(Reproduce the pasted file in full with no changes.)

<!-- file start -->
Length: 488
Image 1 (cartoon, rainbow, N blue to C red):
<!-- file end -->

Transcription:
Length: 488
Image 1 (cartoon, rainbow, N blue to C red):